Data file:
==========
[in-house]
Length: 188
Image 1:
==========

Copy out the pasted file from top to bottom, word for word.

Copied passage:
[in-house]
Length: 188
Image 1: